Wildfires, once again, have consumed our attention this summer in Idaho. But Idaho is also prone to other natural disasters, including floods and earthquakes. A flu pandemic, extreme temperatures, and accidents involving long-term power outages also are very real possibilities. Are you prepared if one of these disasters strikes?
How do you prepare for the unknown?
We can’t know for sure where or when a disaster will happen, but having emergency supplies, a disaster plan and making sure you are informed about the specific emergencies your area is most at risk for will help protect you and your family from the chaos of a disaster. Get a kit, make a plan and be informed. Continue reading
Idaho and the mountain western states continually rank in the top 10 states for number of completed suicides per capita. But the good news is that completed suicides are not the norm – well over 90 percent of people who make attempts do not die by suicide. And with the creation of the Suicide Prevention Program in the Department of Health and Welfare during the last legislative session, the state of Idaho has made preventing suicide a priority.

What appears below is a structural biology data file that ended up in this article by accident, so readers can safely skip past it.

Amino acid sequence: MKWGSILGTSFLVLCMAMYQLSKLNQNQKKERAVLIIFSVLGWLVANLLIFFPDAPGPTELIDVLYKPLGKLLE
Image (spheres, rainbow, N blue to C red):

Tell us about where we are with the Suicide Prevention Program.
We just got the funding to start up the program on July 1, and we have hired three staff, including program manager Kim Kane. We’re very excited about her leadership and expertise in the program. We have one more position to hire for, and then we can turn our energy to youth suicide prevention and intervention activities and public awareness. So you’ll likely be hearing more from us about suicide prevention as the program gets up and running. Meet Kim as she introduces the state’s suicide prevention program at a recent press conference hosted by the City of Boise and the Speedy Foundation. Continue reading
A love of all animals, Star Wars, Boise State University, being an artist, a winking rainbow, doing gymnastics, reading “millions of books,” dancing — these are the things children in the Developmental Disabilities Program think of when they describe themselves and their interests.